Since we're talking about things we love- or maybe don't love- this month, it seems like a good time to reminisce about my life-long love od snow. This is my older brother, the winter I was born. Too bad no one photographed the time about two years later when he dragged me through the snow in a cardboard box, oblivious of my screams. The cardboard had worn through and so had my snowsuit.
But I soon forgot it. I was always the one who wouldn't come in even when my nose looked like Rudolph. In my early teens, I learned to ice skate, and in winter, my brother and I spent many a night in the moonlight skating on the town reservoir.
I really missed ice skating when we moved to Oklahoma. Not that winters aren't cold or snowy there. But the weather is, well, less predictable. This is April Fools Day, 1969. A foot of snow.
In Colorado, we saw a winter with snow on the ground all but 15 days. We loved to go into the mountains for even more of the stuff. Left to right, the kids are Lori, 7, Jeannie, 4 and Andy, 9. The dogs are Lily, mutt Muttsy, and Jack.
Here's a grown-up Jeannie, Andy and me (not sure I grew up) in the Ape Caves on Mt St Helens in winter. We had to slide down those stairs behind us to get in, and getting out was interesting.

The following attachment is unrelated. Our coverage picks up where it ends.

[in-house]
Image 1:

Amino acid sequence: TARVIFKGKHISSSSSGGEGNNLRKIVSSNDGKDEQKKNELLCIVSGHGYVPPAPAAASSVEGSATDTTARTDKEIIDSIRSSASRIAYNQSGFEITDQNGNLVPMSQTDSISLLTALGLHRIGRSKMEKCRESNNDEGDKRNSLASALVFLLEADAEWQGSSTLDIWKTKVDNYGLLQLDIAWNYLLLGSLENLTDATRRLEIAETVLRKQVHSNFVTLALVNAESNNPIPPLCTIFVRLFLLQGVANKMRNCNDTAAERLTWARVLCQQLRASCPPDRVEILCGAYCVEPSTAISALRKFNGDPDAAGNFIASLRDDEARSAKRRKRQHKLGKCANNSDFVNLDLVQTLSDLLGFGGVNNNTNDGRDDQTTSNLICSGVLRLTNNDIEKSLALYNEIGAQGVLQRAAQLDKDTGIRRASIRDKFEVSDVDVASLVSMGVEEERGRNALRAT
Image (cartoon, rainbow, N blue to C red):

One of my favorite homes was on Horseshoe Lake in Woodland, WA. The view over the lake made both winter and summer special.
Our dogs may have loved the snow, but our cats didn't necessarily agree. Alright, none of them did. Jinx's first winter, New Years Day 2001. She thought her world had died.
Camellias blooming in the snow, March 28, 2008.
Jinx had no interest in blooming camellias.
Nope, still doesn't. Today, same window.
The tree outside is more than twice as tall, but that's about all that's changed. In fact I couldn't even get her into the window until I bribed her with kitty treats. But once she saw the value of posing, I couldn't get her out of the window.